The Signposted Path to Winning Hearts and Minds

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My suggestion for a ‘successful quick win’ begins with stepping onto a newly laid path with every tender that you are pursuing.

Empathy base point

The first step of that path comes from the base point of empathy with the client – listening to their project requirements, understanding their desired outcomes, and partnering with them to deliver their long-term objectives.

The two-way street

Once the buyers’ tender documents have landed, the empathic element should remain. This can be done by asking relevant questions of the tender requirements, e.g., has the client asked a certain question to mitigate a particular concern or risk for themselves? This illustrates that signposting can work both ways, with the client providing direction for you to carry on your journey with the tender.

Walking the winning path

The signposting will be become more literal once you start responding to the tender. Procurement departments potentially have a lot of supplier tender responses to read and assess. As such it is important to make their review of your submission as enjoyable an experience as possible. This can be achieved through signposting as follows:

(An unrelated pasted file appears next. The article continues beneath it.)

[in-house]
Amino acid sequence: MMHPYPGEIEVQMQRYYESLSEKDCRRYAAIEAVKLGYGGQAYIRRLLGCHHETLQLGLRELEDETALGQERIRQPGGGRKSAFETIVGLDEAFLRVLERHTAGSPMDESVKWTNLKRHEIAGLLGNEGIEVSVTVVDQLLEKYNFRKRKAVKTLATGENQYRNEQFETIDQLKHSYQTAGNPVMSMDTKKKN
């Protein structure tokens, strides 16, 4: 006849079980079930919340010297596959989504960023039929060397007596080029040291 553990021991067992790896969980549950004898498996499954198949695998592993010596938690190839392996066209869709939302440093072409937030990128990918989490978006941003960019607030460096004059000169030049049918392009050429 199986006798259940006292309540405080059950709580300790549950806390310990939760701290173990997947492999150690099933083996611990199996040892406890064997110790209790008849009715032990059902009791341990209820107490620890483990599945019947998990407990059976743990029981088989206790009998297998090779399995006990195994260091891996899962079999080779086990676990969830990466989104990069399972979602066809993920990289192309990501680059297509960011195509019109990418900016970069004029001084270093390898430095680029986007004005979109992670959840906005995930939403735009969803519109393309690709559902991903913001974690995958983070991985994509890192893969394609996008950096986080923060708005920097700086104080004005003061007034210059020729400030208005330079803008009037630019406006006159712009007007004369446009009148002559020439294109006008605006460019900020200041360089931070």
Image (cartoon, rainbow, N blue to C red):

• Clear, structured responses, ensuring that key requirements are addressed, and that the question is fully answered
  • An easy-to-follow format with relevant images, tables and infographics that add value to the whole submission
  • Full compliance with the specified requirements, including maintaining word limits
  • Supporting evidence to illustrate your organisation’s ability to deliver the project and showcasing to the buying authority that you are the supplier of choice

Considering signposting at every step of the tender lifecycle may not guarantee a winning outcome. However, it does create a robust framework for how to approach a tendering exercise. The approach can be continually built upon, with the distance of the path extending regularly. We have learnt from clients through feedback and relationship building exercises that if one bidding path is blocked, there is always an opportunity to create a new route.

This article was written by Isabella Stevenson.

Bella started her career in bids over 14 years ago working for a recruitment consultancy co-ordinating their EMEA-wide bid submissions. For the last 10 years, she has worked as a Bid Manager, mainly within the EV infrastructure and built environment, but also in sectors as diverse as facilities management, security and dentistry.

She enjoys collaborating with technical teams via workshops and review sessions to build win themes, install best practice and develop creative thinking to win more contracts and help organisations meet their business development objectives.

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